We love conspiracy theories, don’t we? It’s built into us to look for meaning in a seemin
gly meaningless world. And if something awful has happened, something we want an explanation for, then we’re going to go look for meaning. And conspiracy theories are one of the most fun and exciting ways to give that meaning and to try to fulfill our sometimes rather unhealthy curiosity.
But at the heart of conspiracy is something being done in secret. And our unhealthy curiosity will not let certain things stay secret. We have to know right now what is hiding in the shadows, we have to know right now whom to blame, we have to know who’s behind our misery and confusion.
But the very word conspiracy doesn’t literally mean secret. It comes from a word meaning agreement, as in people who are in agreement working together, behind the scenes. But the root of the word itself comes from the Latin conspirare, to breathe together. It’s like the word inspire, inspirare, to breathe into. This conspiracy, this agreement comes from sharing the same breath.
So it is we can say, as we continue to prepare for Christmas, that God has conspired with us. It’s not because He has entered into His own creation in a seemingly secret way, that He was born into a particular time and place, to a seemingly insignificant people, not into a palace and earthly kingship, but into a manger and wrapped in swaddling clothes. No, God conspires with us because now we share His breath. The Son of God was born as a man so that men and women can become sons and daughters of God, and share His breath and His heartbeat.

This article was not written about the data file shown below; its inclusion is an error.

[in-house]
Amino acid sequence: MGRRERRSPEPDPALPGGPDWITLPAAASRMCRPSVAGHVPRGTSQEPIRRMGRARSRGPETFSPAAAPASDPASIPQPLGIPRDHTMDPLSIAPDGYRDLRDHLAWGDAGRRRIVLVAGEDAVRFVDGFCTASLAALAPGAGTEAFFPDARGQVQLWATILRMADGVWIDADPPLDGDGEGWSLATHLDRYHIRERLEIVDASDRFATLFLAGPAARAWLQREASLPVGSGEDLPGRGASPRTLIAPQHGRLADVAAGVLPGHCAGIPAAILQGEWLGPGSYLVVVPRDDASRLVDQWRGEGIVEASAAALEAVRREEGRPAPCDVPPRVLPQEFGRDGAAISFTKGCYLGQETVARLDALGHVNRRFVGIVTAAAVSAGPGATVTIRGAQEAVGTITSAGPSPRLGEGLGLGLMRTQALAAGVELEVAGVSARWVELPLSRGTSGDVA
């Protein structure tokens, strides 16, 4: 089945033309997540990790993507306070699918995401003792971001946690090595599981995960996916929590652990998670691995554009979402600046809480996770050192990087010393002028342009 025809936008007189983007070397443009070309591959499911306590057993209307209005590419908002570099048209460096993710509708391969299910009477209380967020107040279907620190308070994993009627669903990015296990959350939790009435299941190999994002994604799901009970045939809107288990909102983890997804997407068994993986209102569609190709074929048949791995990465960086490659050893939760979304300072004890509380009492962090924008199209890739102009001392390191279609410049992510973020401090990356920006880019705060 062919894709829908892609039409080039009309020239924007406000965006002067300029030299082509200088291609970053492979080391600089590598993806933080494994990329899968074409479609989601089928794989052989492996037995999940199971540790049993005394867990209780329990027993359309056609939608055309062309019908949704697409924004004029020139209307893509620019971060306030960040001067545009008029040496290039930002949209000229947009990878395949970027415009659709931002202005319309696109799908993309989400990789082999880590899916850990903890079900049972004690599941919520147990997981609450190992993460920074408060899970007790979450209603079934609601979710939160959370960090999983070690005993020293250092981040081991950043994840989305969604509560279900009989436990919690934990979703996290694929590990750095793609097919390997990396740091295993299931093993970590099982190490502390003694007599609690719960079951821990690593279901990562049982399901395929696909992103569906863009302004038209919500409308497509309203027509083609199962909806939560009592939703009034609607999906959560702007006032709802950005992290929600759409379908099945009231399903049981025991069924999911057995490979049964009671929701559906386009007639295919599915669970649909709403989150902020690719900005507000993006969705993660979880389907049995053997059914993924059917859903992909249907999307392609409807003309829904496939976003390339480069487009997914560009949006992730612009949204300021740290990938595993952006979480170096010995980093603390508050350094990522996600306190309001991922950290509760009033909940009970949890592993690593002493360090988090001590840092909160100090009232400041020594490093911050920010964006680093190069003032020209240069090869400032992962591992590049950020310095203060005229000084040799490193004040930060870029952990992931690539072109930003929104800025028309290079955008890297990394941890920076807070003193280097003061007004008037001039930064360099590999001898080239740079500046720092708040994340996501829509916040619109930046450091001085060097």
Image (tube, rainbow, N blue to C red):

While the Nativity is so new and different, this way God chose to conspire with His own creation, He had been sharing His breath with us in so many ways before the Nativity. He had shared His breath and His voice with the prophets. The prophets were not necessarily men and women who told the future. They are people who spoke with God’s voice, when God so desired to call His people back to His breath, His heartbeat.
And there is something incredible that happens in our Responsorial Psalm on Gaudéte Sunday. Mary prophesies. She Has the heartbeat of God in her womb. And now she has the voice of God on her lips. Here is this young woman, probably a teenager, proclaiming a world turned upside down—that the Lord has shown the strength of His arm, and the proud have been scattered in their conceit; the mighty have been cast down from their thrones, and the lowly have been lifted up; that the rich are sent away empty, and the hungry have been filled with good things. In her prophetic voice, notice she does not proclaim that this will happen. She is proclaiming that this has already happened by the mere fact of the Incarnation, that God has shared His breath with us.